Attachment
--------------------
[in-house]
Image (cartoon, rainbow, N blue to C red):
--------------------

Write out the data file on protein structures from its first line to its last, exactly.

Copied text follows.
[in-house]
Image (cartoon, rainbow, N blue to C red):